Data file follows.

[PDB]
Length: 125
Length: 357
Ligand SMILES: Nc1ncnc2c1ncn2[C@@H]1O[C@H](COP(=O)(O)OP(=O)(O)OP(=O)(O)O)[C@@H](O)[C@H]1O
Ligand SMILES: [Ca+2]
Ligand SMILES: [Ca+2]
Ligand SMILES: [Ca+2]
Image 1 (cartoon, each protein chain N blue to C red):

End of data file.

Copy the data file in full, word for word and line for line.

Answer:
[PDB]
Length: 125
Length: 357
Ligand SMILES: Nc1ncnc2c1ncn2[C@@H]1O[C@H](COP(=O)(O)OP(=O)(O)OP(=O)(O)O)[C@@H](O)[C@H]1O
Ligand SMILES: [Ca+2]
Ligand SMILES: [Ca+2]
Ligand SMILES: [Ca+2]
Image 1 (cartoon, each protein chain N blue to C red):